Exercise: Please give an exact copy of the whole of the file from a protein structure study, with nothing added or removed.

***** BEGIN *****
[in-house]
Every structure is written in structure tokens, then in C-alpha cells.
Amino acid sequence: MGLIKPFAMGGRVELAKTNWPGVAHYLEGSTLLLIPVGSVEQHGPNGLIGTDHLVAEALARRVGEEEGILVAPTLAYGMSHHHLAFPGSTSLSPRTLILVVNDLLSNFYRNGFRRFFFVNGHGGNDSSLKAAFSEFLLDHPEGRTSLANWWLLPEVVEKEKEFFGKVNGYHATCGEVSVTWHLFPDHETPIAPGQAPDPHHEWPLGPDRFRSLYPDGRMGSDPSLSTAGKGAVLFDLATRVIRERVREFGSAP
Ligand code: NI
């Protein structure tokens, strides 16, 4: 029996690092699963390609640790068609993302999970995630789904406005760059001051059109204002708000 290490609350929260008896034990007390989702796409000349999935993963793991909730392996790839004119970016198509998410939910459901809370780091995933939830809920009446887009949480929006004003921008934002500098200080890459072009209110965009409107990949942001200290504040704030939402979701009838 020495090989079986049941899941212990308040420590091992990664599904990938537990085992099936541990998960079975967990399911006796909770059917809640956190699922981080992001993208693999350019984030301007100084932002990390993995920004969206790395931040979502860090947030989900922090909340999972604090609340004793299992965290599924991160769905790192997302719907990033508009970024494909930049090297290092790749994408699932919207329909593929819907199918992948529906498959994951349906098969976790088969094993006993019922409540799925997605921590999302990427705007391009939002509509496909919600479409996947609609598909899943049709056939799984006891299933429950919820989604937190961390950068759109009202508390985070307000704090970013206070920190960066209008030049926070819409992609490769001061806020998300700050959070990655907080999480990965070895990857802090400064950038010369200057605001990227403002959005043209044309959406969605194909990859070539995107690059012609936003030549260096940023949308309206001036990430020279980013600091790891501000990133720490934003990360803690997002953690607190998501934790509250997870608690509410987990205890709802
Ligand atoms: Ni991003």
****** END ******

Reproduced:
[in-house]
Every structure is written in structure tokens, then in C-alpha cells.
Amino acid sequence: MGLIKPFAMGGRVELAKTNWPGVAHYLEGSTLLLIPVGSVEQHGPNGLIGTDHLVAEALARRVGEEEGILVAPTLAYGMSHHHLAFPGSTSLSPRTLILVVNDLLSNFYRNGFRRFFFVNGHGGNDSSLKAAFSEFLLDHPEGRTSLANWWLLPEVVEKEKEFFGKVNGYHATCGEVSVTWHLFPDHETPIAPGQAPDPHHEWPLGPDRFRSLYPDGRMGSDPSLSTAGKGAVLFDLATRVIRERVREFGSAP
Ligand code: NI
């Protein structure tokens, strides 16, 4: 029996690092699963390609640790068609993302999970995630789904406005760059001051059109204002708000 290490609350929260008896034990007390989702796409000349999935993963793991909730392996790839004119970016198509998410939910459901809370780091995933939830809920009446887009949480929006004003921008934002500098200080890459072009209110965009409107990949942001200290504040704030939402979701009838 020495090989079986049941899941212990308040420590091992990664599904990938537990085992099936541990998960079975967990399911006796909770059917809640956190699922981080992001993208693999350019984030301007100084932002990390993995920004969206790395931040979502860090947030989900922090909340999972604090609340004793299992965290599924991160769905790192997302719907990033508009970024494909930049090297290092790749994408699932919207329909593929819907199918992948529906498959994951349906098969976790088969094993006993019922409540799925997605921590999302990427705007391009939002509509496909919600479409996947609609598909899943049709056939799984006891299933429950919820989604937190961390950068759109009202508390985070307000704090970013206070920190960066209008030049926070819409992609490769001061806020998300700050959070990655907080999480990965070895990857802090400064950038010369200057605001990227403002959005043209044309959406969605194909990859070539995107690059012609936003030549260096940023949308309206001036990430020279980013600091790891501000990133720490934003990360803690997002953690607190998501934790509250997870608690509410987990205890709802
Ligand atoms: Ni991003």